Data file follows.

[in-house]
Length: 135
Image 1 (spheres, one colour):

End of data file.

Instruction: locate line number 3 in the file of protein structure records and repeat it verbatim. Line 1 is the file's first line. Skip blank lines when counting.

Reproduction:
Image 1 (spheres, one colour):